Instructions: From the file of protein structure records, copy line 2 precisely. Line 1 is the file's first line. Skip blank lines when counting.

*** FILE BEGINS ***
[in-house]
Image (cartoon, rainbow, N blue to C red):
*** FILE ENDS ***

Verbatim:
Image (cartoon, rainbow, N blue to C red):